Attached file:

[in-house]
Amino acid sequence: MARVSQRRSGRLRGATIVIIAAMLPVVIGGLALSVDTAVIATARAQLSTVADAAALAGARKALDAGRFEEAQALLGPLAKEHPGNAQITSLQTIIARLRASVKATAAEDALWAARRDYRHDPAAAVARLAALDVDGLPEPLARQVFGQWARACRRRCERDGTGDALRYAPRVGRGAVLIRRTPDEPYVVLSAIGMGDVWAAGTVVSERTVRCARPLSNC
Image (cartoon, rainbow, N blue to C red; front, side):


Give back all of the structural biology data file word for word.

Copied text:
[in-house]
Amino acid sequence: MARVSQRRSGRLRGATIVIIAAMLPVVIGGLALSVDTAVIATARAQLSTVADAAALAGARKALDAGRFEEAQALLGPLAKEHPGNAQITSLQTIIARLRASVKATAAEDALWAARRDYRHDPAAAVARLAALDVDGLPEPLARQVFGQWARACRRRCERDGTGDALRYAPRVGRGAVLIRRTPDEPYVVLSAIGMGDVWAAGTVVSERTVRCARPLSNC
Image (cartoon, rainbow, N blue to C red; front, side):